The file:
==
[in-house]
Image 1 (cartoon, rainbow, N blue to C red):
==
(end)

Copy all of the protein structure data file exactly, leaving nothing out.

[in-house]
Image 1 (cartoon, rainbow, N blue to C red):